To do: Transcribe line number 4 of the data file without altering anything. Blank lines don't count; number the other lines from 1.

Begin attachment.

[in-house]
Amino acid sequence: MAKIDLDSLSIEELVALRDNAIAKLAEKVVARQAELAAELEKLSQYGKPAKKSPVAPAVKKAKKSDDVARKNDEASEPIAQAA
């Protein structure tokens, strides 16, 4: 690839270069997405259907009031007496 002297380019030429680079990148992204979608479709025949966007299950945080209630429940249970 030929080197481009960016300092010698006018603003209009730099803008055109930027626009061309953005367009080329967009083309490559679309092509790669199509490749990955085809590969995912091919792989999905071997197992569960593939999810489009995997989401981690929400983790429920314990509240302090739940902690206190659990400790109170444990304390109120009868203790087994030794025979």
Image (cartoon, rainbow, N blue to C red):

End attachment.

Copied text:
Image (cartoon, rainbow, N blue to C red):